Issue Date: January 24, 2011
Using Pore Power
Declining crude oil quality and rising air pollution standards are hurdles for the refining industry, but they are growth opportunities for manufacturers of zeolites. When used in catalysts for petroleum refining and diesel emissions reduction, zeolites are enjoying a demand boom that is prompting investment and attracting at least one new player.
Specialized synthetic zeolites are a key ingredient in catalysts used for fluid catalytic cracking (FCC). This refining process converts high-molecular-weight, high-boiling-point hydrocarbons into valuable transportation fuels.
Zeolites are microporous materials created by combining silica and alumina under controlled temperature and pressure, sometimes with an organic template that precisely directs the arrangement of the pore spaces. In an FCC unit, the lattice structure of the zeolite allows only petroleum molecules of a specific size to enter the highly acidic pore sites. The microspheres of zeolite-containing catalysts then break down the oil.
FCC catalyst technology is largely in the hands of chemical heavyweights such as W.R. Grace, Albemarle, and BASF. These firms also dominate a global synthetic zeolite industry worth about $1.9 billion a year, according to Raghu Tantry, senior industry analyst at consulting firm Frost & Sullivan. Most products serve petroleum refiners.
Many of the difficulties refiners face are a boon to sellers of specialized zeolites. For example, the largest market for synthetic zeolites is in helping refiners bridge the gap between the lower quality crude oil now commonly used as feedstock and cleaner burning fuels demanded by regulators and the marketplace.
This dynamic is helping to drive sales of synthetic zeolites. “FCC is a growing market for zeolites, with rates around 5% or so per year,” Tantry says. “That’s higher than any commodity product, which would be growing at the rate of the economy, around 2%.”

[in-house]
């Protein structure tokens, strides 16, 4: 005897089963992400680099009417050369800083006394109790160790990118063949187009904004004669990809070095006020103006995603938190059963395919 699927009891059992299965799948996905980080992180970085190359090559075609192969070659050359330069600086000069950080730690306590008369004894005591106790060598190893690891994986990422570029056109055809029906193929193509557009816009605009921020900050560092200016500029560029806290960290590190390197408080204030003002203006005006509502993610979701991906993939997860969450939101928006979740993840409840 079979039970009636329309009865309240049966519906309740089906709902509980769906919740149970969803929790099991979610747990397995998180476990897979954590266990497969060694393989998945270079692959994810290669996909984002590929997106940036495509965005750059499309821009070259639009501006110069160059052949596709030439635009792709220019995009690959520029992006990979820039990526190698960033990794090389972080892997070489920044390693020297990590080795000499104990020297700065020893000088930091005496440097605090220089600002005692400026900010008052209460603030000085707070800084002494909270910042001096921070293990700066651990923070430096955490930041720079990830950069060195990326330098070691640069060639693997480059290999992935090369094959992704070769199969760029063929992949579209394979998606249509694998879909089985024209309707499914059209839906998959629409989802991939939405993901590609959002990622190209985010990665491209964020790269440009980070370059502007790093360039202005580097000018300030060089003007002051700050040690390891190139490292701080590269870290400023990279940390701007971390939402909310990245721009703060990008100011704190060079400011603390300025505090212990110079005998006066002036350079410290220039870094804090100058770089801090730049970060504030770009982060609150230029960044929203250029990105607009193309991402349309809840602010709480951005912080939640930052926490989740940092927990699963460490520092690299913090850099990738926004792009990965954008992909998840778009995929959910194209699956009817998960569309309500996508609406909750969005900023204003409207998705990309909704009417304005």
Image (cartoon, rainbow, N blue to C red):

Although the big players in catalysis have been fairly quiet on the investment front, two smaller pure-play firms with enhanced zeolite technologies say their products will expand the ways in which zeolites are used in the fossil-fuel industry.
Venture-backed start-up firm Rive Technology will attempt to enter the market for FCC zeolites with its method for introducing larger pore spaces into synthetic zeolites. Meanwhile, longtime zeolite manufacturer Zeolyst is going after a new market on the back end of the fossil-fuel chain. Its specialty zeolite catalysts are used in new diesel emissions control systems that meet more stringent U.S. air pollution regulations.
Rive was cofounded in 2006 by chemist Javier Garcia Martinez and is based on discoveries he made as a postdoctoral student at Massachusetts Institute of Technology. As a nanotechnologist, he became interested in improving the performance of the Y-type, or faujasite, zeolites used in FCC units. Garcia Martinez found a way to use surfactants to form larger pore spaces in zeolites and to control the size and concentration of these mesopores.
Rive’s process begins with the common Y-type zeolite, which has pore sizes of 7–8 Å, or a little less than 1 nm, and introduces pores in the 35–40-Å range. The large pore sizes mean “we allow bigger molecules to get in and participate in the party,” says Larry Dight, senior vice president of R&D at Rive.
“Currently, the larger molecules either can’t get in at all or have to be cracked in a different matrix component that is not as selective,” Dight says. By creating the larger pores, “we’re introducing these highways into smaller arteries and opening things up.”
If the desired products of the cracking process—gasoline or diesel—spend too much time in the catalyst, they can be “overcracked” into light gases or other less desirable products. “You want to have them exit the zeolite as fast as you can,” Dight explains.